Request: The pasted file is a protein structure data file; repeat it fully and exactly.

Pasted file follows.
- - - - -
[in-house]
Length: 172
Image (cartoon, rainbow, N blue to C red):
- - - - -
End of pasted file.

[in-house]
Length: 172
Image (cartoon, rainbow, N blue to C red):